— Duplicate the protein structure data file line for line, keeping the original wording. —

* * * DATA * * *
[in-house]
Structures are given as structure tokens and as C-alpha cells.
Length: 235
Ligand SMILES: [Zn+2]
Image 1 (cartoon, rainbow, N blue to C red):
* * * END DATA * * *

[in-house]
Structures are given as structure tokens and as C-alpha cells.
Length: 235
Ligand SMILES: [Zn+2]
Image 1 (cartoon, rainbow, N blue to C red):